Supply chains—a lifeline for HIV programs

By Anne Marie Hvid, Knowledge Management Advisor, JSI and Sarah Hiller, Communications Technology Coordinator. This originally appears on the JSI.

HIV and AIDS advocates highlight progress in treatment programs, but in developing countries, otherwise successful programs are stopped in their tracks because of limited supplies. At the AIDS 2012 conference in Washington, DC, the International Association for Public Health Logisticians (IAPHL) is talking to HIV and AIDS service providers and providing resources on how to solve supply chain management problems.

The need for improved supply chains is evident in the stories told by conference attendees. We met Tope Aboyewa, a senior programme officer with the Kids and Teens Resource Center in Nigeria, at the IAPHL booth in the Global Village area of the conference. His center, which provides HIV counseling and testing services, has been stocked out of HIV test kits since 2010, aside from sporadic donations of supplies from partner organizations. When the center had enough kits, they were testing around ten people a day; now that test kits are scarce they have to turn people away.

Gertrude Mushabe, a delegate from the Bethesda Project in Uganda, runs a mobile community health unit and echoes Aboyewa’s experience. “If we had more supplies, we could help more people. The need is there, the community is there, we just need the supplies.” Her mobile health unit goes to rural areas and villages in the three districts with the least access to care, but the unit is often stocked out of supplies, including malaria, HIV test kits, and other products, like gloves.

“Combination Prevention” is Necessary, But Must be Done Right

The following post is a part of an exclusive series from global health experts to mark the International AIDS Conference. Read the other posts here.

By Dr. Daniel Halperin, Adjunct Associate Professor, University of North Carolina, Gillings School of Global Public Health, Chapel Hill

It should be obvious that to really turn the tide against this pandemic, a variety of approaches –or what’s been termed “combination prevention” — will be necessary. Yet multiple approaches for HIV prevention have been used for decades, so why has this slogan emerged in recent years as a seemingly innovative response?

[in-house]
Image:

The increasingly forceful calls for “combination prevention” may have arisen partly in response to evolving research and papers (such as a 2008 Science policy piece by ten experts) pointing to the importance of focusing on newer approaches, including male circumcision and addressing multiple concurrent partnerships, as well as noting the apparent lack of strong evidence for some conventional approaches. Thus some of those who advocate for combination prevention may be resisting such refocusing of prevention priorities because of a perceived threat that interest in some newer approaches may mean less funding for older approaches and modalities.

All HIV experts agree that a combination of approaches is needed. This does not mean, however, that continuing to do the same things we’ve been doing all along, but doing them all at once or in greater quantity will somehow make them effective. If combination prevention essentially becomes a laundry list of many different elements that all need to be pursued with equal intensity, regardless of their likely effectiveness, then resources will not be spent optimally and fewer new HIV infections will be averted. Of paramount importance is to prioritize those few (typically only two or three) most important approaches that absolutely need to be focused on, for each epidemic’s particular context. This does not mean only implementing (and funding) those strategies, but for example the endlessly long lists of “prevention activities” comprising many national “strategic” plans undermine the strategic objective of such documents.